Because so much was new for Ford trucks in 1961, most trucks received only minor updates for 1962. However, for true Ford fans, these changes were noticeable. The Ford Ranchero received a bit of a cosmetic face lift, and after experimenting with fused cabs and Styleside beds, Ford's F-Series Styleside trucks began returning to separate cab and bed construction.

1962 Ford Ranchero

The Ford Ranchero greeted 1962 with a fresh face that included a new flush-mounted grille and pointed front fenders, but little else changed.

1962 Sedan Delivery

The 1962 Ford Sedan Delivery likewise sported the Ranchero's new look, but also saw few other alterations.

1962 Ford HD-1000

Ford had entered the diesel market in 1961 with Cummins-powered versions of the H-Series high tilt cab, designated the HD-Series. This 1962 HD-1000 came equipped with the largest of these engines, displacing 743 cubic inches and rated at 220 horsepower.

1962 Ford F-Series Styleside 4x4

The Ford F-Series' grilles were slightly revised for 1962, replacing the FORD lettering in the middle with cross bars. Also for 1962, F-Series Styleside 4x4s came with a separate cab and bed, as shown here.

1962 Ford F-Series Styleside

The cab and bed remained integrated on 1962 F-Series 4x2 models (as shown here), although these trucks also would offer the separate cab and bed by midyear.

Ford added a whole new series of trucks to their lineup in 1963. Learn more when you click to the next page.

1963 Ford Trucks

Ford's 1962 vacation from changes to their trucks didn't last long. In fact, Ford opened the 1963 model year with the release of another new series of trucks.

This line of medium- and heavy-duty models was referred to as the N-Series. Cabs were the same as those used for the F-Series, but the nose was significantly shorter. This arrangement placed the N-Series between Ford's conventional trucks and the C-Series Tilt Cabs, and made them popular for both city deliveries and over-the-road semi-tractor-trailer service where trailer-length limits were in force.

In other heavy-duty news, Ford expanded diesel engine offerings to include some F-, C-, and N-Series trucks; previously, only the H-Series had offered a diesel-engine option.

1963 E-100

Ford's 1963 E-100 pickup trucks retained the Econoline moniker after the passenger wagon was renamed "Falcon" in 1961. Newly available on Econolines for 1963 was a one-ton payload package.

1963 Ford E-Series cargo van

The 1963 E-Series cargo vans also retained the Econoline name.

1963 Ford Ranchero

In addition to a new crosshatch grille for 1963, Ford Rancheros and Sedan Deliverys were blessed with an optional V-8 at midyear.

1963 Ford F-100

The 1963 rear-drive F-100s were offered with three different bed designs: a separate Styleside; a traditional Flareside; and a Styleside integrated with the cab, a version that would be dropped after 1963.

1963 Ford Super Duty N-Series

Ford's Super Duty line is represented here by a new-for-1963 N-Series short conventional truck. The H- and N-Series carried diesel engines, as indicated by a nose badge on the H and the nose lettering on this N.

One Ford Econoline fan came up with an unique use for his E-100 in 1964. See a photo and learn more about 1964 Ford trucks in the next section.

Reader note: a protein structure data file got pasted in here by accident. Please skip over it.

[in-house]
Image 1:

1964 Ford Trucks

April 17, 1964, would go down in the annals of the Ford Motor Company as one of the company's best days, for it was on that day that Ford introduced the Mustang. Without question, it was the hit of the year, if not the decade.

On the truck side, 1964 brought a separate box for Styleside models, rendering the "unibody" pickup trucks a thing of the past. Also new was a brace of gas engines for the medium- and heavy-duty Ford truck lines.

1964 redesigned Ford Ranchero, front and center

Ford offered a wide selection of light-duty trucks in the 1960s, although they were matched one-for-one by rival Chevrolet. The biggest news for 1964 was the redesigned Ranchero (front row, center), which was again based on the likewise redesigned Ford Falcon compact car.

1964 Ford F-250 4x4

Grilles changed a bit on the popular Ford F-Series trucks in 1964, as shown on this F-250 4x4, which sports an eight-foot Flareside bed.

1964 Ford F-Series

By 1964, an F-Series pickup could be fitted with such car-like features as two-tone paint and air conditioning.

1964 Ford 600-800 series

Ford's 600-800 series trucks were powered by new V-8 engines for 1964. Essentially heavy-duty versions of their automotive counterparts, these engines displaced 330, 361, and 391 cubic inches, respectively, with 186 to 235 horsepower.

1964 Ford E-100 mobile service station

A 1964 Ford E-100 was set up as a mobile service station -- complete with actual gas pump -- by Raymond C. Dietz, of Borger, Texas.

1965 for Ford trucks was all about the F-Series.

1965 Ford Trucks

Ford's famous Twin-I-Beam front suspension made truck news for 1965. It was offered only on light-duty two-wheel-drive F-Series pickup trucks, giving them a softer ride and better handling characteristics.

1965 Ford F-100

Not only does it ride smoother with Twin-I-Beam front suspension, this restored Ford F-100 pickup truck looks quite flashy with its whitewall tires, chrome trim, and two-tone paint scheme.

1965 Ford F-100 interior

The 1965 Ford F-100's two-tone paint was present inside the truck, as well as out. The dashboard was redesigned for 1965.

1965 Ford F-100 352 V-8 engine

In addition to its snazzy looks, this 1965 Ford F-100 was equipped with a 352 V-8 and an automatic transmission.

1965 Ford Ranchero

In 1965, Ford Rancheros could also get "Deluxe" trim, in this case called the Futura Ornamentation Package.

1965 Ford C-750